Item 14 – Patents, Copyrights and Proprietary Information

In Item 14 of the FDD, franchisors are required to disclose an array of information relating to their rights in non-trademark intellectual property.

Item 14 disclosures include:

  • Advertising materials, manuals, software and other media subject to copyrights owned by the franchisor
  • Any patents owned by the franchisor
  • The remaining duration of the franchisor’s exclusive rights
  • Whether any agreements or other restrictions limit the franchisor’s ability to use and license its copyrights and patents
  • Whether there is any pending litigation relating to the franchisor’s copyrights or patents
  • Any other intellectual property rights claimed by the franchisor—including proprietary methods, recipes, market data and customer lists.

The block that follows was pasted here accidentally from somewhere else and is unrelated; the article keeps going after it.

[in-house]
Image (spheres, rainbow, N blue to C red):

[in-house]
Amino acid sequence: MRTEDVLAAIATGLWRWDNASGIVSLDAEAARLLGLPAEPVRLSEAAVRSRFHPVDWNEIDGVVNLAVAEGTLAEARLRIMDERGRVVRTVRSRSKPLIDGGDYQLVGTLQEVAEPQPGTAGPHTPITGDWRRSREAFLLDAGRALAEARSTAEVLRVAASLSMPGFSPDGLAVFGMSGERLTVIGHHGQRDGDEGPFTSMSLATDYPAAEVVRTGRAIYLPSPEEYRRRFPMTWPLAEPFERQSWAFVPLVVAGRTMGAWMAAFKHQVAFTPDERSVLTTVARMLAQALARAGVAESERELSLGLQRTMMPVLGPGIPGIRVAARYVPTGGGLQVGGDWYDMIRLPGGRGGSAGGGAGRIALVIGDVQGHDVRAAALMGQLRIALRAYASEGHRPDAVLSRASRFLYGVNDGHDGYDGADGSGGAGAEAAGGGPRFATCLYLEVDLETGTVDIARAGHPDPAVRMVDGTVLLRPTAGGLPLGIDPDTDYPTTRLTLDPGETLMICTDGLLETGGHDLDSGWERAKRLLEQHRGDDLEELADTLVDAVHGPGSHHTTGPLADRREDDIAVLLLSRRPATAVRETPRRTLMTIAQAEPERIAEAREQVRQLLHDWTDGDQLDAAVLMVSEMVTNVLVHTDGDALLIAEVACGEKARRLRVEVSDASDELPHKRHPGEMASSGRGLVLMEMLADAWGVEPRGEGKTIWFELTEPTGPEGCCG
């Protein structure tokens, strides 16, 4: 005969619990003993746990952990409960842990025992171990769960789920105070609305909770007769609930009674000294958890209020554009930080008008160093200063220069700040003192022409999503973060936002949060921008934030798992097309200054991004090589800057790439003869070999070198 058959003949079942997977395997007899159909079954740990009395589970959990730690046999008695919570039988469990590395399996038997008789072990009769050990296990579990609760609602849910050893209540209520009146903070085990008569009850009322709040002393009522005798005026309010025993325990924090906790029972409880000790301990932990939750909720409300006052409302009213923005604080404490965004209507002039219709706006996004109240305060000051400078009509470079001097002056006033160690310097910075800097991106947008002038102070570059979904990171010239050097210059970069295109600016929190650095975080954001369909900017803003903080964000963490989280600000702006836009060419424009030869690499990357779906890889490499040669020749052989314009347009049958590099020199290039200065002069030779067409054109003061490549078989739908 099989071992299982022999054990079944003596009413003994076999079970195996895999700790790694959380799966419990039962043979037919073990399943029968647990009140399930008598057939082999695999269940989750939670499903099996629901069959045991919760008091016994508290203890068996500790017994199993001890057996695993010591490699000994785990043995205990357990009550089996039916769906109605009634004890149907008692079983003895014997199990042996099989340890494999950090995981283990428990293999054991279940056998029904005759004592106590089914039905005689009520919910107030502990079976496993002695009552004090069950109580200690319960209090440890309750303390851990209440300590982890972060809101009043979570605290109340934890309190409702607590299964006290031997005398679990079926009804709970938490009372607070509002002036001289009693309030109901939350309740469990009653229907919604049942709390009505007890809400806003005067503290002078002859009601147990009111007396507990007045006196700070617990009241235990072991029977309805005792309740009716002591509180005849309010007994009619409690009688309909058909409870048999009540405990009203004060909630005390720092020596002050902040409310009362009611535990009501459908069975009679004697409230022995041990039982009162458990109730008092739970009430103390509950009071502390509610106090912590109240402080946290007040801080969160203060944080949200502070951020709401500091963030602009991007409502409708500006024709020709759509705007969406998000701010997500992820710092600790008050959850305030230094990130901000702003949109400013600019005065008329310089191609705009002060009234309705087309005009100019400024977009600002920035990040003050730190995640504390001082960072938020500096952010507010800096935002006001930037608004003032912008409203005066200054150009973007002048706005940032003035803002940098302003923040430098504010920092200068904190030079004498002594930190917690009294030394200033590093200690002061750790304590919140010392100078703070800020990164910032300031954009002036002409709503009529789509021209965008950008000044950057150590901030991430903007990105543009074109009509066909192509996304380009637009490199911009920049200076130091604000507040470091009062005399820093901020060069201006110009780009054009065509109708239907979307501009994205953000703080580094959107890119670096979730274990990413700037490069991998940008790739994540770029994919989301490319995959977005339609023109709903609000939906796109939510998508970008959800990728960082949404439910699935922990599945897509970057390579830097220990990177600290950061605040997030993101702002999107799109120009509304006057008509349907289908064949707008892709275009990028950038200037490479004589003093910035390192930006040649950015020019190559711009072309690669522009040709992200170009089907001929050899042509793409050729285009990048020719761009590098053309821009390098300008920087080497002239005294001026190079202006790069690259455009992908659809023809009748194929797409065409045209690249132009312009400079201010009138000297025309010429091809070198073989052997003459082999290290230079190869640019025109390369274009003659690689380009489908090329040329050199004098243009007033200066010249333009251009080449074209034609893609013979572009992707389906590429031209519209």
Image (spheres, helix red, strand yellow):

While Item 14 is treated much as an afterthought by many franchisors, for franchisors and franchisees who recognize and understand the inherent value in a robust intellectual property portfolio, the Item 14 disclosures can be a significant component of the FDD.

Next week’s installment will focus on Items 15 and 16 of the FDD, which cover management and operation of franchised units.

Jeff Fabian is the owner of Fabian, LLC, a boutique intellectual property and business law firm serving new and established franchisors and prospective franchisees.Contact the firm directly at 410.908.0883 or jeff@fabianlegal.com. You can also follow Jeff on Twitter @jsfabian.

_ _

This article is provided for informational purposes only, and does not constitute legal advice. Always consult an attorney before taking any action that may affect your legal rights or liabilities.

Tips for Attending a Franchise Show

Here are a few tips to help you make the most of your franchise show attendance:

9 Keys You Need to Know to Buy a Franchise Through the Eyes of an Expert

Assume that I’ve already identified a franchise opportunity that fits my personal, business and financial profile and my application has been approved.